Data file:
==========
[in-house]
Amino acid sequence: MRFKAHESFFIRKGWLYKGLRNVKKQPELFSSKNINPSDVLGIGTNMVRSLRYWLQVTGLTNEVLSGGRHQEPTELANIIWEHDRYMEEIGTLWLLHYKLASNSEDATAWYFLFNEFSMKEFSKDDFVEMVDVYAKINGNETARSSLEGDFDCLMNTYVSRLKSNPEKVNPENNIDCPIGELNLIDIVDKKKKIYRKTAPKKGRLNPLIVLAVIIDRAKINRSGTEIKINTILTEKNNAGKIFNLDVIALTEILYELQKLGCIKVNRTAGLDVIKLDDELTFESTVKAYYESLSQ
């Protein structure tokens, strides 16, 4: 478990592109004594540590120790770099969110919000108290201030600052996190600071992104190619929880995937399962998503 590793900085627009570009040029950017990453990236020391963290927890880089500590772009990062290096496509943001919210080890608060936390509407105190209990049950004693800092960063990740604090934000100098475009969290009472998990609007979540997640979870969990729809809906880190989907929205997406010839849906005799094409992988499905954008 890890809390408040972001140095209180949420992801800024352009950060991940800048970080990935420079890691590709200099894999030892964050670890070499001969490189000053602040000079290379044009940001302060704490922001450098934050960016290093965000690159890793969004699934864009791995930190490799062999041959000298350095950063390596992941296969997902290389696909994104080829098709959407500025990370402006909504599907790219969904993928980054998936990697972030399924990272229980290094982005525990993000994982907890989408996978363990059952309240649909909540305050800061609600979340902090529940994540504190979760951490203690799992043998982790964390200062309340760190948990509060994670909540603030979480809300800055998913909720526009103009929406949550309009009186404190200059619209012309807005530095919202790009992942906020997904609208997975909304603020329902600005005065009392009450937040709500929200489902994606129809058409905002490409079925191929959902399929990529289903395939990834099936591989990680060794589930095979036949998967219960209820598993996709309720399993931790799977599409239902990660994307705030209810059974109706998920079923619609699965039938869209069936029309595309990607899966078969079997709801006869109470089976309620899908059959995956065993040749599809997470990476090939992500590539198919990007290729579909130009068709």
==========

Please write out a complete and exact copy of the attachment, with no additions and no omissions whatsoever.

[in-house]
Amino acid sequence: MRFKAHESFFIRKGWLYKGLRNVKKQPELFSSKNINPSDVLGIGTNMVRSLRYWLQVTGLTNEVLSGGRHQEPTELANIIWEHDRYMEEIGTLWLLHYKLASNSEDATAWYFLFNEFSMKEFSKDDFVEMVDVYAKINGNETARSSLEGDFDCLMNTYVSRLKSNPEKVNPENNIDCPIGELNLIDIVDKKKKIYRKTAPKKGRLNPLIVLAVIIDRAKINRSGTEIKINTILTEKNNAGKIFNLDVIALTEILYELQKLGCIKVNRTAGLDVIKLDDELTFESTVKAYYESLSQ
């Protein structure tokens, strides 16, 4: 478990592109004594540590120790770099969110919000108290201030600052996190600071992104190619929880995937399962998503 590793900085627009570009040029950017990453990236020391963290927890880089500590772009990062290096496509943001919210080890608060936390509407105190209990049950004693800092960063990740604090934000100098475009969290009472998990609007979540997640979870969990729809809906880190989907929205997406010839849906005799094409992988499905954008 890890809390408040972001140095209180949420992801800024352009950060991940800048970080990935420079890691590709200099894999030892964050670890070499001969490189000053602040000079290379044009940001302060704490922001450098934050960016290093965000690159890793969004699934864009791995930190490799062999041959000298350095950063390596992941296969997902290389696909994104080829098709959407500025990370402006909504599907790219969904993928980054998936990697972030399924990272229980290094982005525990993000994982907890989408996978363990059952309240649909909540305050800061609600979340902090529940994540504190979760951490203690799992043998982790964390200062309340760190948990509060994670909540603030979480809300800055998913909720526009103009929406949550309009009186404190200059619209012309807005530095919202790009992942906020997904609208997975909304603020329902600005005065009392009450937040709500929200489902994606129809058409905002490409079925191929959902399929990529289903395939990834099936591989990680060794589930095979036949998967219960209820598993996709309720399993931790799977599409239902990660994307705030209810059974109706998920079923619609699965039938869209069936029309595309990607899966078969079997709801006869109470089976309620899908059959995956065993040749599809997470990476090939992500590539198919990007290729579909130009068709």